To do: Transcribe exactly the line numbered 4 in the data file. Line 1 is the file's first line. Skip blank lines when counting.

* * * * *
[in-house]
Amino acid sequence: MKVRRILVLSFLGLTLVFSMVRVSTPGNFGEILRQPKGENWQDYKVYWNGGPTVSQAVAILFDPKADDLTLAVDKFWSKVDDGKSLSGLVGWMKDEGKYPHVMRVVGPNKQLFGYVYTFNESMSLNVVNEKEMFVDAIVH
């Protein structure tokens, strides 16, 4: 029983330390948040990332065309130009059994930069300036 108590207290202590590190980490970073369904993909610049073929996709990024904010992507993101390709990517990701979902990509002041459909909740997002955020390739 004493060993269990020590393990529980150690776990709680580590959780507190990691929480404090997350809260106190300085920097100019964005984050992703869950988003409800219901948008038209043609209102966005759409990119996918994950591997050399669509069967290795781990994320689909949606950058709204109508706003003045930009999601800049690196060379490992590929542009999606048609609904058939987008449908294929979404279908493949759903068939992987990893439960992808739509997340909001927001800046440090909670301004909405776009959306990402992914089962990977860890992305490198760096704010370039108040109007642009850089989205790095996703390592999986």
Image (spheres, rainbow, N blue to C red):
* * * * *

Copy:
Image (spheres, rainbow, N blue to C red):